Speed limits are the most important means to send out a message to road users about the type of road and the mix of road users to expect to share with. Lower speed limits have been proven to reduce the frequency and severity of crashes, as well as air and noise pollution. They can also be crucial in encouraging people to feel safe walking or cycling more.
This section isn’t just about reducing speed limits, it is also about more careful planning of speed limits. Sometimes speed limit changes appear to be arbitrary - the 30 mph limit starting by fields a long way from a village or a 20 mph stopping in the middle of a housing estate. Such changes can be confusing and discredit the system.
The starting point is the national or default speed limit which vary on the type of vehicle and road. For cars these are:
- 30 mph where there is a system of street lights, typically in built up areas
- 60 mph (though lower for most vans and larger, commercial vehicles) on single carriageway roads outside built up areas, typically in the countryside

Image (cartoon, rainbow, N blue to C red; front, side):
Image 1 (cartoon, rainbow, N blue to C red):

- 70 mph (again lower for larger vehicles) on dual carriageways, those roads with a physical barrier in the middle - these are generally strategic trunk roads so outside the scope of the toolkit.
More information on speed limits is available on GOV.UK.
Local speed limits are implemented by the highway authority through a legal process known as a traffic order, backed up by speed limit signs. 20 mph is increasingly the norm on streets in residential areas and town centres, while 50 mph is common on busier roads in rural areas. Normally local speed limits require repeater signs to remind drivers of the lower speed limit. 'Zones' are areas where there is a lower speed limit - typically 20 mph, though in some national parks there are 40 mph zones - signed at gateways but then without the same requirement for repeater signs.
Speed limit changes work best when they are planned systematically across road networks and in an integrated way that combines education and enforcement. The shaping routes and networks plus the tackling speeding section for more information and ideas. Speed limits should fit with the road environment so that drivers tend to comply them because they feel right for the road environment. This should not mean simply setting the speed limit to the majority speed but may mean needing to adapt the road environment to encourage compliance. Using natural features, such as hedges or adding planters to narrow the road, and removing artificial features, such as lines can help, particularly for lower speed limits.